Airmen voluntarily receive COVID-19 vaccine
By Senior Master Sgt. Emily Beightol-Deyerle, 167th Airlift Wing, West Virginia Air National Guard
/ Published February 10, 2021
MARTINSBURG, W.Va. – The West Virginia National Guard’s Task Force Medical-East conducted a vaccination clinic at the 167th Airlift Wing during the wing’s unit training assembly Feb. 6 and 7.
More than 150 Airmen received their first dose of the Pfizer mRNA COVID-19 vaccine, a two-dose vaccination series recommended at least three weeks apart.
The WVNG’s Task Force Medical–East first offered the vaccine to 167th Airmen in late December and again in January. Almost one-third of the 167th’s Airmen have received the first dose of the vaccine and a small group of Airmen have received both doses.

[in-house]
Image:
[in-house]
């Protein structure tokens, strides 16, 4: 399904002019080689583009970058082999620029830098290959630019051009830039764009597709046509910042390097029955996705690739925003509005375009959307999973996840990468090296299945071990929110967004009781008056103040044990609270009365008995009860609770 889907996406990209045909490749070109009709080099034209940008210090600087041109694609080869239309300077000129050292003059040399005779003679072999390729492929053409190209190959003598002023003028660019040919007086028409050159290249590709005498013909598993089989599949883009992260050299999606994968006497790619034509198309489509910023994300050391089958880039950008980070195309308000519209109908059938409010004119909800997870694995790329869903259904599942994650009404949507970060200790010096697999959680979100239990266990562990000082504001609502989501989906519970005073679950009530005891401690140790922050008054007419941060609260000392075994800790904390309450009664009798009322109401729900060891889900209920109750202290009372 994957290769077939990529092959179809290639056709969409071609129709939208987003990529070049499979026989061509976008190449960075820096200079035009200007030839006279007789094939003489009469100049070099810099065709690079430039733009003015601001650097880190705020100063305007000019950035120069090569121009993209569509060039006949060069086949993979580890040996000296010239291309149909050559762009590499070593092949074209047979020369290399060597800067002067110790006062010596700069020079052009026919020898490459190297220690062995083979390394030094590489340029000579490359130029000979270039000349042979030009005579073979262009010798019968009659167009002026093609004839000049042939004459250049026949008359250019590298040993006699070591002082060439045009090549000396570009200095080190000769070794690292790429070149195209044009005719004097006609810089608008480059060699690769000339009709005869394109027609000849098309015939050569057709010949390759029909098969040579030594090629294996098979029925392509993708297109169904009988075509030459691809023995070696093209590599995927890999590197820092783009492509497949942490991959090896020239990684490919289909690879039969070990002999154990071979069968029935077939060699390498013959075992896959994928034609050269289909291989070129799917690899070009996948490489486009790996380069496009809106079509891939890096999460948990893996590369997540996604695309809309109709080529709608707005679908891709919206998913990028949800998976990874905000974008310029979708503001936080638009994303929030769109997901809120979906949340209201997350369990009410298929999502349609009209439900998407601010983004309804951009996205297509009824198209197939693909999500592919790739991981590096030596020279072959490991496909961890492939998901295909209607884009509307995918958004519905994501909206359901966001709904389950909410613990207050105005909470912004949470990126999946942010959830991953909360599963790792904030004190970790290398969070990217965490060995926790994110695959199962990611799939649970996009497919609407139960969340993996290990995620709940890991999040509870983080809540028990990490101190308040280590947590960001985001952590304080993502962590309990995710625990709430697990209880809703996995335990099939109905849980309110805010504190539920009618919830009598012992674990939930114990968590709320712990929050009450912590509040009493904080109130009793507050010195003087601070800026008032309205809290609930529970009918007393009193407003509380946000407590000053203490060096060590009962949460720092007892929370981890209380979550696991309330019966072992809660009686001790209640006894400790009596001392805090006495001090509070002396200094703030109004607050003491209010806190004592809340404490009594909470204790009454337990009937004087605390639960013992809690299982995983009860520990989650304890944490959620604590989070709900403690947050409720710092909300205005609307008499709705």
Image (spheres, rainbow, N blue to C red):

The vaccines are being offered under an Emergency Use Authorization and are voluntary for unit members until full FDA approval.
Lt. Col. (Dr.) Kevin Culbert, 167th Medical Group commander, held an information session Feb. 6 to explain how the vaccine works and address any questions or concerns for Airmen as they decide whether to receive the vaccine. He considered it necessary to educate members given the hesitancy of some to be vaccinated even within the civilian health care community treating COVID-19 patients.
“I’m a physician, not a salesman,” Culbert said, adding how important it is to understand how the mRNA technology works and that it is safe. “I realize there is a lack of information or misinformation (regarding the COVID-19 vaccine).”
Culbert studied microbiology, immunology and virology during his undergraduate education and completed a master’s degree in public health.
Unit members could attend in person or via teleconference to maximize attendance and allow for social distancing. He encouraged all eligible members to educate themselves and strongly consider being vaccinated for the benefit of all.
“It’s helping ourselves and it’s helping the unit, but also your own families, community, and the economy as a whole.”